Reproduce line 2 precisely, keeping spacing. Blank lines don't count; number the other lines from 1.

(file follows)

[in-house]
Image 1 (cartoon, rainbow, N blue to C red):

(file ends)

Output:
Image 1 (cartoon, rainbow, N blue to C red):